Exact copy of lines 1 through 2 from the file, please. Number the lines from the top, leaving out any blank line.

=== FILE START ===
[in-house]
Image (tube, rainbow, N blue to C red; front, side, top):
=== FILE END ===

[in-house]
Image (tube, rainbow, N blue to C red; front, side, top):